The above-mentioned microbeam probe contains an objective with two serially arranged electrostatic lenses with rotation symmetry and of short focal length, and a diaphragm arranged between them. The surface to be examined is electrically conductive. The lenses and the surface to be examined are so arranged and biased as regards the energy of the bundle of primary rays that this bundle of rays is focused on the area of the sample by the combined action of the electric fields of the two lenses, the diaphragm acting as a stop for the bundle of primary rays and the secondary particles produced in the area of the sample being focused at the same time into the opening of the diaphragm by the lens formed by the electrodes of the second lens and the conductive surface. Between the primary ray source and the objective there is disposed an arrangement for producing a deflecting field which separates the bundle of primary rays and the bundle of secondary rays by reason of the different energies of the particles of these bundles. In this known microbeam probe, the electrostatic lens adjacent the surface of the sample must have a small focal length, so that in the known construction only small field strengths are admissible at the surface of the sample. This is disadvantageous, since in an electrostatic emission lens the virtual (apparent) diameter of an emitting point is proportional to the quotient of the initial energy of the secondary particles to the field strength at the surface. The higher the field strength at the surface, the better is the emittance of the bundle of secondary rays, i.e. the product of the virtual diameter and the angle of aperture of the bundle of secondary rays starting from this point.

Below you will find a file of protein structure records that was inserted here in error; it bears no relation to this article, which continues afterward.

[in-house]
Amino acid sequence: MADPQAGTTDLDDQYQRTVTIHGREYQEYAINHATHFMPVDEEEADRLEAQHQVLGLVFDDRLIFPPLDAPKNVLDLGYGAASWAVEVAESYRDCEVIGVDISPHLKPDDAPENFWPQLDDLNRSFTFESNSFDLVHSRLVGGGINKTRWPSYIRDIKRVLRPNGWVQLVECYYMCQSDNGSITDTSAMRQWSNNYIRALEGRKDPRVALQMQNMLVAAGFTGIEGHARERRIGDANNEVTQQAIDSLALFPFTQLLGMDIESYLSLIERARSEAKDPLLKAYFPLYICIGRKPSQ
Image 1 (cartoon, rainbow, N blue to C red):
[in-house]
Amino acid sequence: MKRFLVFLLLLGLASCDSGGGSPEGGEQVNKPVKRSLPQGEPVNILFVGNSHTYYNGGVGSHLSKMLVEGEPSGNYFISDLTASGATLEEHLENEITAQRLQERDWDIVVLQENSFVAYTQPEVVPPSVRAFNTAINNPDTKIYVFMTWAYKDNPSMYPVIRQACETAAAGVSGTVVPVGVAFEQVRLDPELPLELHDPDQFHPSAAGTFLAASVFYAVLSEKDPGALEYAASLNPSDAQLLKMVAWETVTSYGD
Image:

It is true that from Federal Republic of Germany Published Patent Application No. 28 42 527, published Apr. 3, 1980, an electrostatic emission lens is already known wherein the field strength at the electrically conductive surface of the sample is limited, practically speaking, only by the breakdown field-strength of the section between the surface of the sample and the first lens electrode following on this surface. This known emission lens is not, however, employed as an objective lens for focusing the primary beam, but on the contrary, the latter is introduced laterally at a relatively large angle to the axis of the emission lens through additional apertures in the electrodes.